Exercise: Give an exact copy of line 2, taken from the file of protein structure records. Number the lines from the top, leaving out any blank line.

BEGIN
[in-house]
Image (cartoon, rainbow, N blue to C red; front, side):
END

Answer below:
Image (cartoon, rainbow, N blue to C red; front, side):